This is an excerpt from Empower: How to Co-Create the Future. The full 200+ page book is available by donation!

“People’s attention is getting so split that it is a smart strategy for brands to build their own audience directly”

-Shane Snow

excerpt from book

David Passiak: Contently is a great example of how brands can collaborate with the crowd. In this case, it’s a crowd of high quality content creators. Contently is also a flagship example of what Arun Sundararajan referred to in our interview about crowd capitalism as a hybrid marketplace-firm, one of the new emerging business models for the future of work that combines freelance marketplaces with enterprise-level services typically found in large firms.

Can you reflect a bit on what you think is innovative about your approach to managing the relationship between companies and the crowd? What lessons might other companies learn from what you’ve done?

Shane Snow: You need to provide value on both sides. You can’t just think about how to make money from your clients. If you’re not providing for the crowd, then they’re not going to do any work for you and they won’t help you out. We learned that by giving first—by putting stuff out there to help freelancers, by building them free tools to market themselves and build their portfolio without asking anything of them—we engendered a lot of good will. That helped build our reputation, get users and create marketing that drives the business—but it also makes them more likely to look at an offer from our brand clients who want to work with them. They know that they’re not just mercenaries for hire.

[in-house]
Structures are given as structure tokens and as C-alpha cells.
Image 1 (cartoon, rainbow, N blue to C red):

David Passiak: The idea of ‘giving first’ makes a lot of sense, especially since you are a TechStars company. I spoke with Brad Feld about this. Can you dig deeper into a few examples of how to provide for the crowd?

SHANE SNOW is an award-winning journalist, celebrated entrepreneur, and the bestselling author of Smartcuts: The Surprising Power of Lateral Thinking. He is co-founder of the content technology company Contently, which helps creative people and companies tell great stories together, and serves on the board of the Contently Foundation for Investigative Journalism. Snow’s writing has appeared in Fast Company, Wired, The New Yorker, and dozens
more top publications. He’s been called a “Wunderkind” by The New York Times, a “Digital Maverick” by Details, and his work “Insanely addicting” by GQ—though he wishes they had been talking about his abs.